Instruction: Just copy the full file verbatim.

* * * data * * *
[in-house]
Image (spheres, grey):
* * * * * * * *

[in-house]
Image (spheres, grey):